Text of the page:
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YAHOO’s stock plunged nearly 15% Monday. Major shareholders are furious with CEO Jerry Yang, whom they believe was bias against selling the company he co-founded in 1995. With majority stockholders angry and Yang still open to a deal with Microsoft, expect talks to continue in the near future.
SPRINT may spin off or sell NEXTEL. Since acquiring Nextel three years ago for $35 billion, Sprint has continued to lag behind industry leaders VERIZON and AT&T. Ending its relationship with Nextel, which has been a failure from the beginning, could make Sprint more attractive to DEUTSCHE TELEKOM.
GOOGLE is asking the FCC to obtain a pledge from VERIZON that it will uphold its open source agreement on the 700MHz of wireless spectrum. Verizon has fought the open source condition, filing a law suit last fall (since dropped), which would allow consumers to use third party devices on Verizon’s C-block spectrum. If agreed upon, Verizon could not sell locked wireless devices to consumers for use on the newly acquired spectrum.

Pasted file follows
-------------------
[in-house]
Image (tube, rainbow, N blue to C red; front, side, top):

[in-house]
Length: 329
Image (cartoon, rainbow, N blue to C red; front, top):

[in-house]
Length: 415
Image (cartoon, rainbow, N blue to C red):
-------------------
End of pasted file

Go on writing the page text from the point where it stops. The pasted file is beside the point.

T-MOBILE has launched 3G phone service in New York. The mobile provider, which until recently didn’t have access to the 3G radio spectrum, is playing catchup other providers, but hopes that its foray into next generation service will help boost its number 4 status in America. One major problem, T-Mobile won’t be introducing any BlackBerry smart phones, let alone iPhone’s, compatible with it’s 3G spectrum until sometime next year.
MICROSOFT has fine tuned its ZUNE player to compete with APPLE’s iPod. The Zune received a software update that will allow users to share files via the Zune card, as well as download TV shows from NBC. While innovative sharing options make the Zune more attractive, don’t expect anyone to be trading in their iPod anytime soon.